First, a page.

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University-Industry Engagement Advisor

Entrepreneurship programs increasing their focus on job placement

By Jesse Schwartz
Published: September 5th, 2018

While university entrepreneurship programs and the creation of start-ups would seem to go hand in hand, some recent research indicates universities may be making a more valuable contribution to the ecosystem through job creation than through generating start-ups. It also appears, based on where their programs are focusing, that some universities are beginning to zero in on preparing graduates as future employees in start-up companies rather than founders.

Recent research seems to be supporting that shift. For example, authors Haifeng Qian and Xin Yao, in their recent article “The Role of Research Universities in U.S. College-Town Entrepreneurial Ecosystems,” say they could find no evidence that entrepreneurship programs improved start-up rates significantly. They recommend instead that universities work on strengthening the ecosystem through the development of talented employees.

In “Revisiting the Roles of the University in Regional Economic Development: A Triangulation of Data,” authors Yas Motoyama and Heike Mayer note that the main interaction between major firms and academic institutions occurs through the hiring of graduates.

And Julian Wyllie, in a recent Chronicle of Higher Education, cited research from Ohio State professor Matthew Mayhew and his partner Benjamin Selznick in pointing out that innovation centers which ignored the needs of students who do not want to be business owners — at least not immediately after graduation — missed the opportunity of connecting with local businesses.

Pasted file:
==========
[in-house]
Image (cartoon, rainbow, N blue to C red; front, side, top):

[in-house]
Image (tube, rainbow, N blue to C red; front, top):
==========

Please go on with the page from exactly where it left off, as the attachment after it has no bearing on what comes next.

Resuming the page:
Several universities are getting the message. “One of the programs my office runs is an internship program primarily for undergraduates,” says Zach Shulman, director of entrepreneurship at Cornell University, adding that there is a separate program outside his office for grad students only.

“For the 80/20 Foundation and San Antonio, one of the missing components in the ecosystem is how to get this generation of Millenials to be part of the new economy,” says Luis Martinez, PhD, director of the Center for Innovation and Entrepreneurship at Trinity University. That is one of the goals, he explains, of Students+Startups, a joint effort of the 80/20 Foundation and the co-working space Geekdom that arranges for paid internships with local start-ups, sharing with them the cost of the internships. The Foundation is focused on building the San Antonio tech ecosystem through grants to high-impact nonprofits.

At the University of Colorado Boulder, HackCU “flips the traditional career fair on its head” with networking events — branded as Startups2Students (S2S) — designed to make connections for internships and full-time jobs by having start-ups “pitch” themselves to about 150 students.

“We can encourage students to work at a start-up and improve the relationship between start-ups and CU, then in turn spread the word about ourselves,” says Will Dickinson, co-director of finance for HackCU.

A detailed article on the shifting focus of entrepreneurship programs appears in the August issue of Technology Transfer Tactics. To subscribe and get the full article, along with hundreds of best practices and TTO success strategies in the publication’s subscriber-only online archive, CLICK HERE.

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